senate Bill S1420B

Relates to the personal information of a credit or debit card holder

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Bill Status


  • Introduced
  • In Committee
  • On Floor Calendar
    • Passed Senate
    • Passed Assembly
  • Delivered to Governor
  • Signed/Vetoed by Governor
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actions

  • 09 / Jan / 2013
    • REFERRED TO CONSUMER PROTECTION
  • 29 / Apr / 2013
    • 1ST REPORT CAL.442
  • 30 / Apr / 2013
    • 2ND REPORT CAL.
  • 01 / May / 2013
    • ADVANCED TO THIRD READING
  • 29 / May / 2013
    • AMENDED ON THIRD READING 1420A
  • 11 / Jun / 2013
    • AMENDED ON THIRD READING 1420B
  • 21 / Jun / 2013
    • COMMITTED TO RULES
  • 08 / Jan / 2014
    • REFERRED TO CONSUMER PROTECTION
  • 12 / May / 2014
    • 1ST REPORT CAL.602
  • 13 / May / 2014
    • 2ND REPORT CAL.
  • 14 / May / 2014
    • ADVANCED TO THIRD READING
  • 20 / Jun / 2014
    • COMMITTED TO RULES

Summary

Relates to the personal information of a credit or debit card holder: adds zip code, email address and home, cell and work telephone numbers to the personal information protected.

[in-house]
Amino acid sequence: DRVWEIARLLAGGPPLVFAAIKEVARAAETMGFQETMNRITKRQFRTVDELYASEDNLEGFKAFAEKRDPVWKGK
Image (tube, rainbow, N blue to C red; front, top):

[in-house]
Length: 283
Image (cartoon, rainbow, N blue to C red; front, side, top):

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Bill Details

See Assembly Version of this Bill:
A7284B
Versions:
S1420
S1420A
S1420B
Legislative Cycle:
2013-2014
Current Committee:
Senate Rules
Law Section:
General Business Law
Laws Affected:
Amd ยง520-a, Gen Bus L
Versions Introduced in 2011-2012 Legislative Cycle:
S6041, A9048

Votes

10
0
10
Aye
0
Nay
1
aye with reservations
0
absent
0
excused
0
abstained
show Consumer Protection committee vote details

Sponsor Memo

BILL NUMBER:S1420B

TITLE OF BILL: An act to amend the general business law, in relation
to the personal information of a credit or debit card holder

PURPOSE:

To protect consumers by prohibiting businesses from requiting personal
identification information to complete credit or debit card
transactions unless required by the credit or debit card issuer.

SUMMARY OF PROVISIONS:

Amends subdivision 3 of section 520-a of the general business law, as
amended by chapter 233 of the laws of 2007, to require that businesses
accepting credit or debit cards may not require the credit or debit
card holder to write or otherwise electronically enter any personal
identification information, unless such information is solely for the
detection, investigation or prevention of fraud, theft, identity
theft, criminal activity or the enforcement of terms of sale. Such
personal identification information includes but it not limited to
address, zip code, email address, and telephone numbers (home, cell,
and work).

EXISTING LAW:

Current law prohibits retailers and businesses from requesting